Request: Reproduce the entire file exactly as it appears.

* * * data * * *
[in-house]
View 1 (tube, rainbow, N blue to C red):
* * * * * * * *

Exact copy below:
[in-house]
View 1 (tube, rainbow, N blue to C red):